Researchers from Princeton University recently offered a new theory regarding the genesis and onset of autism. The theory has to do with the cerebellum, the area of brain which processes motor control. Researchers suggest that an injury to the cerebellum during the birth process can significantly increase an infant’s likelihood of developing autism, more than almost every other known risk factor.
The connection between deficiencies in the cerebellum and autism have been known for some time, but the study takes a closer look at the issue from a developmental perspective, suggesting that a dysfunction in the cerebellum could affect the development of circuits in the neocortex and lead to cognitive and behavior issues as well as autism.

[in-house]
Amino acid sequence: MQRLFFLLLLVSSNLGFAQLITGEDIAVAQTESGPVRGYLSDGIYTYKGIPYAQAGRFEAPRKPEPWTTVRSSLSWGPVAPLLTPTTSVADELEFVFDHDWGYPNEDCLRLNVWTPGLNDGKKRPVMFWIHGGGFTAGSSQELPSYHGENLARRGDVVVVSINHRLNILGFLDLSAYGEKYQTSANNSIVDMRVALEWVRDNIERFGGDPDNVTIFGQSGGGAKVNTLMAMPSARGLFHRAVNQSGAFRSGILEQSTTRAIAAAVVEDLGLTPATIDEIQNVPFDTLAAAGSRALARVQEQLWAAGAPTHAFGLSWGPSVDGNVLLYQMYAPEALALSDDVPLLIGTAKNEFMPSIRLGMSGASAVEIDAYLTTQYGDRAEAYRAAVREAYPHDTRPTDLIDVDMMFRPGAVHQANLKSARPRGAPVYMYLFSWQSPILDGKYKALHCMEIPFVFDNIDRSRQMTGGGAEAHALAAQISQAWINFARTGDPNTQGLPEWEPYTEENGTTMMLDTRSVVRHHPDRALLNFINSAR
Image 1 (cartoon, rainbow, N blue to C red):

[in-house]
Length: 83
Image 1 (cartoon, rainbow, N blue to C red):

In one of the studies cited by researchers, infants who suffered cerebellum damage at birth were 40 times more likely to have high scores on autism screening tests. The research is not conclusive as to the exact connection between the cerebellum and the development of autism, but hopefully further research is forthcoming.
Previous studies have shown that complications during labor and just after birth can increase a child’s risk for developing autism. Primary among these is oxygen deprivation, which can occur—at least in some cases—when nurses and physicians fail to properly negotiate labor and delivery.
When a woman’s child suffers serious injury due to a birth injury arising from caregiver negligence, he or she may have the ability to obtain compensation for those injuries. In building a case, it is important to work with an experienced attorney to ensure one’s rights and interest receive the best possible advocacy.
Source: The Science Codex, “Early cerebellum injury hinders neural development, possible root of autism,” September 2, 2014.